Tabatha Deans

Bringing Integrity to the Written Word

It’s official. I’m a Denverite. For the first time in more than a decade I have a new phone number—with a Denver area code. Initially I balked at losing my phone number, which was carefully chosen to spell 637-TABS, but after careful thought I decided it might be a good move for me. I suspect that more than a few of the queries/resumes I’ve sent have been disregarded because of the out of state phone number, so hopefully this official change will let everyone know I’m actually local. (I like to think the address on my resume would give them a clue, but, well, you know…)
Spring has sprung in my little city, and after several days of near 80-degree weather, I thought I was safe to ditch my winter coat and boots. I was wrong. I spent the day in the office collecting donations, with sunny weather and sporting a tank top. About an hour before I left the clouds started rolling in and a few drops of rain fell. No worries, I had a hooded sweatshirt and a rain jacket. (Although I never actually wear the hood, because it just looks dorky and I don’t know any middle-aged woman who can pull off wearing a hoodie with the hood up.)
Even as the rain fell and I locked up to leave, I was confident my commute would be a little wet but not that bad. I was wrong again. Two minutes into my walk to the bus stop, the heavens opened up and hail began to fall. Little balls at first, which stung a little when they hit my face, but not enough to prompt putting my hood up. Then the balls grew larger, nearly the size of the end of my pinkie. And they fell harder. I could feel welts begin to develop on my head from the impact as I stepped up my pace. Finally, with red splotches on my face from being pelted by ice balls, I relented and put up my hood, then cinched it down tight around my face. The noise was deafening as the ice balls pounded me, and I knew for certain I looked like a red-headed middle-aged hooligan, but I ran to the bus stop and took shelter under a tree.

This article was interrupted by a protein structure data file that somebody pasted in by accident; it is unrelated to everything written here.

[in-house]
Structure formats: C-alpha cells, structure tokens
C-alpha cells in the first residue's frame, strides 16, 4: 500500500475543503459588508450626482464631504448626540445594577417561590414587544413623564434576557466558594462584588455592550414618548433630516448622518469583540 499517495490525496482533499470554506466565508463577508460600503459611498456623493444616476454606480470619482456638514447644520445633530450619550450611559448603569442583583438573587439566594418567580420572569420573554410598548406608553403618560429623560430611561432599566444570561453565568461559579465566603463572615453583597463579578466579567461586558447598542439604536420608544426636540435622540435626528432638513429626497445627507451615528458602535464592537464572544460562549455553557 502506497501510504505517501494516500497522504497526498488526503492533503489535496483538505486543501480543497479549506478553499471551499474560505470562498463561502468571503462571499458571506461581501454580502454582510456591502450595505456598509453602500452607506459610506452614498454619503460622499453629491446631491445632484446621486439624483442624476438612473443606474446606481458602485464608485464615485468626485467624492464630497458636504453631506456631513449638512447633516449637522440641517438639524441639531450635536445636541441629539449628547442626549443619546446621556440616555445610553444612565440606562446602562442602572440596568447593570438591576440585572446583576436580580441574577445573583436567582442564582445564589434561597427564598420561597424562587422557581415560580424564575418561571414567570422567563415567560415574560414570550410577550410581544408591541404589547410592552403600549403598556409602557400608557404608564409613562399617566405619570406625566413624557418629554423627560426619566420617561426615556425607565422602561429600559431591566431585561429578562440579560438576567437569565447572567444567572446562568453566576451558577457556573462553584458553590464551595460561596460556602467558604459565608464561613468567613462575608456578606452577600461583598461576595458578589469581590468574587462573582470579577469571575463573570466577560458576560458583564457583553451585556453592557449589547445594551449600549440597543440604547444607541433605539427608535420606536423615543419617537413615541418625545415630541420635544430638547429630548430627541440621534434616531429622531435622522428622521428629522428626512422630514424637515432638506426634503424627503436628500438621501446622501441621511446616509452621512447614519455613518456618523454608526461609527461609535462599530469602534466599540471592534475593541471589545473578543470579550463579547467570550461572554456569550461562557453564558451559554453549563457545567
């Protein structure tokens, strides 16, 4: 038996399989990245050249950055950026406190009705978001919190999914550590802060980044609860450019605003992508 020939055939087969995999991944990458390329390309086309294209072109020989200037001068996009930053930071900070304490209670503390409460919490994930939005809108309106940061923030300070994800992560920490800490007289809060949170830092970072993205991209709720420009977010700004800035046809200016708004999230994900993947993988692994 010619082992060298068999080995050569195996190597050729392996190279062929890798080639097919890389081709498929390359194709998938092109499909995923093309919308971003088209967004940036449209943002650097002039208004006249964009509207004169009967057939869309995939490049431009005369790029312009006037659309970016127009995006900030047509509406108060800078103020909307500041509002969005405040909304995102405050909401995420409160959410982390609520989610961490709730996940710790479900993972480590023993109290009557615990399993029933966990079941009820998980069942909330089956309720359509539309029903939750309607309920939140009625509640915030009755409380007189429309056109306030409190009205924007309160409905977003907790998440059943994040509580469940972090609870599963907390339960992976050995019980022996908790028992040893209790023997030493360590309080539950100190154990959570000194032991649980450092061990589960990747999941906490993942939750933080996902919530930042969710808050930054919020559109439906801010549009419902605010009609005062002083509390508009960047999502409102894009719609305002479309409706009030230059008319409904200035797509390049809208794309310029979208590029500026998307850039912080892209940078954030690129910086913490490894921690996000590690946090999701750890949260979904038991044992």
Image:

True to Denver weather, the hail and rain stopped about ten minutes later, but not until I was thoroughly soaked. As the sun came out I could actually see the steam coming off my wet clothes as I waited for the number 27 bus. Not exactly the true meaning of “smokin’ hot,” but I’ll take it…

April 15, 2012 - Posted by | Uncategorized

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